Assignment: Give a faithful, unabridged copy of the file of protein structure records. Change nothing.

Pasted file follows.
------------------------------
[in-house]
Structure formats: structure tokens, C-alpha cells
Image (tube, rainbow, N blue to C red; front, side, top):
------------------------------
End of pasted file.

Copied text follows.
[in-house]
Structure formats: structure tokens, C-alpha cells
Image (tube, rainbow, N blue to C red; front, side, top):